WELCOME TO THE CIRCUS
Ah - it's election time again. And if you're a Londoner with a thing for representative democracy, you must be having a right old jamboree. All the ingredients are there:
(a) an incomprehensible electoral system to defy all logic,
(b) breast-beating white men fighting for your attention like hyperactive children, and
(c) an hysterical media reminding us that, really, this is what separates us from the savages - a real chance to have your say about how your city is run - of course, nothing too radical, just a cross in a couple of boxes ... but still! ah, ain't democracy just grand?
Let's start with (a) - the system. The way votes are calculated for the London Assembly is bewildering - some Members will get in via first-past-the-post, the rest via PR. The important thing is that a party must get at least 5% of the overall vote to be eligible to gain seats. So if a large number of voters in, say, the Dagenham and Redbridge area vote BNP, the BNP would have to get at least 5% of the total London vote in order to win a seat. The idea being that very localised issues should not be allowed to dominate the pan-London picture. What this means is, if you are appalled by the idea of fascist representation in your city's Assembly, you must get out there and vote. The fewer moderates or progressives who vote, the larger the BNP's share of the vote will be.
The system of electing the Mayor is rather simpler. To win outright, a candidate must win 50% or more. Even in his golden years, Ken Livingstone only ever won 39%, so an outright victory is virtually impossible this time round. It's more likely that the election will be decided by adding the second-choice votes to the first-choice votes - whoever wins this, will be Mayor of London.
Part (b) - the candidates. The best of the candidates is Lindsey German - she has the policies, the correct philosophy for London, and an inclusive style which can win people over (not always the case with senior SWP figures). Sian Berry looks good on paper - though I can't say I've ever heard or seen her speak. Of course, neither of these will win.
The main objective, negative and pragmatic though it may be, is to stop Boris Johnson becoming Mayor. Johnson is a slippery customer, and Livingstone has obviously debated whether to lampoon him as a hopeless buffoon, or paint him as a more sinister, far-right figure. He has opted for the latter, which I think is sensible. Johnson supported the war in Iraq, supported the election of Bush in 00 and 04, opposed the Kyoto Treaty, opposed the minimum wage, wants to reduce the development of affordable housing in a city where demand already far outstrips supply, referred to black people as "picaninnies" and the Stephen Lawrence enquiry as "Orwellian". And from his absurd little Lend me your ears, he writes:
It was mesmerising, in April 2003, to stand in Baghdad and look at the contrast between the Americans and the people they had liberated. The Iraqis were skinny and dark, badly dressed and fed. The Americans rode in their Humvees (a vehicle that is eloquently bigger than our Land Rover: more slouching, bigger tyred, cooler). The marines had the shades with the slick little nick in the corner. They were taller and squarer than the indigenous people, with heavier chins and better dentition. They looked like a master race from outer space, or something from the pages of Judge Dredd…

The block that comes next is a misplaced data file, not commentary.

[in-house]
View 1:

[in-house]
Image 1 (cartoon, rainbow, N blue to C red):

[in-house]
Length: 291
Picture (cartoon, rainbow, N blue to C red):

Here is a statistic that you should be aware of, all you Fisks and Pilgers and Robin Cooks, who prophesied thousands and thousands of deaths. I went to see Qusay Ali Al-Mafraji, the head of the International Red Crescent in Baghdad. Though some nametags have been lost, and though some districts have yet to deliver their final tally, guess how many confirmed Iraqi dead he has listed, both military and civilian, for the Baghdad area? He told me it was 150, and he has no reason to lie.
150. Apparently, 42% of Londoners would vote for this guy as their first choice. Unbelievable.
Ken Livingstone is hardly flawless - his position on property development, on housing for working class people, on taxing of non-doms, on the role of big business etc has grown more conservative in recent years. But the congestion charge, his efforts at unifying London in all its diversity and his opposition to the war in Iraq from the start earn him my vote. If you plan to vote for another party as your first-choice, I think you should give Ken your vote as second choice.
As a postscript, the Lib Dems could have done well this year on the back of second choice votes, had they not picked such a poor candidate. Presumably Brian Paddick - the liberal copper - was picked for integrity and recogniseability. Alas, that's not enough (he's currently on 10%) - however visionary he was as Lambeth's Borough Commander, he has no vision for London that I can detect and is a deadly dull speaker. Of all the campaigns in 2008, the Lib Dems' appears the most pointless.
And (c) - the media? Well, for those of you who live outside of the capital, we have a number of free papers here in London which some people read on the tube, and most people use to wipe their bums. The Evening Standard is the grandaddy of these sordid little rags - unfortunately, it is not free, so it is for bourgeois bums only. The Standard has always hated Livingstone, and is supporting Johnson. The others run polls on which candidate's partner looks best in capri pants. London's a real shithole sometimes.